WASHINGTON — As procrastinators rushed to purchase health insurance Monday by the Affordable Care Act’s official enrollment deadline, new research estimates that about half of those with subsidized coverage obtained from federal or state marketplaces will lose it within a year because of changes in their incomes or other family circumstances, such as divorce, relocation or the births of children.
The same is true for about half of new Medicaid recipients, who are likely to lose program eligibility at some point over the next year for a variety of reasons, said Benjamin Sommers, an assistant professor of health policy and economics at the Harvard School of Public Health.
When people lose, drop or change health coverage for unforeseen reasons, it’s known as “churning.” It’s a common occurrence for consumers with individual coverage purchased outside the workplace, as well as for those with Medicaid, the state-federal health program for poor people and those with disabilities.
Along with being a bookkeeping headache for insurers and Medicaid administrators, churning undermines the continuity of care between doctors and patients by causing patients to miss treatments and sometimes seek new caregivers.
It also has a financial impact, as coverage lapses may lead to costly emergency room visits when primary physicians could have provided treatment for far less.
In the 25 states that expanded eligibility for Medicaid under the Affordable Care Act, churning probably won’t leave people without coverage because there’s no gap between the income thresholds for Medicaid and subsidized marketplace coverage. Instead, millions will move between eligibility for both as their incomes are periodically updated and verified.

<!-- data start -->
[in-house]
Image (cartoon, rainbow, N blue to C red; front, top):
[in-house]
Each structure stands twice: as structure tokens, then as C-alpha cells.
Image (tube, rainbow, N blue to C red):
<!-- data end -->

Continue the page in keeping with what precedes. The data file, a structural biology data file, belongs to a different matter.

“It’s not exactly that they’ll lose coverage,” Sommers said in an interview. “It’s that they may have to change the coverage they have.”
But for people in states that so far have declined to expand Medicaid, “then they’re worse off,” he said. If they lose their eligibility for subsidized coverage when their incomes fall too low to qualify, “they will probably have no option for coverage,” Sommers said.
That’s because the income limits to qualify for Medicaid in non-expansion states are far below the levels at which subsidized marketplace insurance is available. That creates a “coverage gap” in which millions of people earn too much to qualify for Medicaid but not enough for federal subsidies to help them buy marketplace insurance.
“In other words, most adults who lose marketplace subsidies in non-expanding states will become uninsured,” Sommers and three other researchers wrote in their report on churning in the April edition of Health Affairs magazine.
Expansion states with lower poverty rates and higher per capita incomes will see more churning because they have more adults with incomes near the eligibility line for Medicaid and subsidized coverage, Sommers said in the interview.